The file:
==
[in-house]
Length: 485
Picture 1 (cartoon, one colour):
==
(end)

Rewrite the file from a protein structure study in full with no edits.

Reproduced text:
[in-house]
Length: 485
Picture 1 (cartoon, one colour):